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Binghamton University Leads Effort to Increase STEM Degrees for Historically Underrepresented Minority Students

Binghamton University will receive $455,860 of $4 million, under the direction of SUNY LSAMP associate director Shanise Kent

by Binghamton University
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INGHAMTON, NY – Binghamton University is a partner institution for a new $4 million five-year National Science Foundation (NSF) grant designed to increase undergraduate and graduate degrees in science, technology, engineering, and mathematics (STEM) in historically underrepresented minority (URM) student populations. The grant supports the SUNY Louis Stokes Alliances for Minority Participation (SUNY LSAMP) program, a synergistic collaboration and alliance of 14 SUNY schools, led by Stony Brook University.

Binghamton University will receive $455,860 of the $4 million, under the direction of SUNY LSAMP associate director Shanise Kent. Binghamton University and the other SUNY schools will look to expand the alliance and create additional STEM curriculum opportunities for students. To date, SUNY LSAMP has taken leadership in STEM curricular reform on the SUNY campuses and has supported URM STEM student needs. The effort has led to engagement among faculty, staff, administrators, and heads of academic departments to create new infrastructures on campuses to enhance URM students’ participation and pursuit of STEM higher education.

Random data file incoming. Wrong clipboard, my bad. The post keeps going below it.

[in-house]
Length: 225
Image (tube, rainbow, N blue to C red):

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"This round of funding will allow the SUNY alliance to scale up programming to increase URM STEM student recruitment and retention, with a focus on improving the community college to four-year school pathway for URM STEM students," said Kent.

Over the next five years, the three leading goals of the project will be to: 1) meet the continuing challenge of preparing URM students for a successful transition into STEM majors; 2) provide experimental activities that lead to socialization into STEM; and 3) promote systemic change by broadening participation in research.

The NSF has supported the SUNY LSAMP program since its inception. This latest grant is the fifth stage of funding and will build upon and fine-tune the Fostering STEM Identity through Transitions (FIT) model, which will conduct an in-depth theory driven examination of the pivotal experiences that lead to engagement, retention, and overall success of URM STEM college students.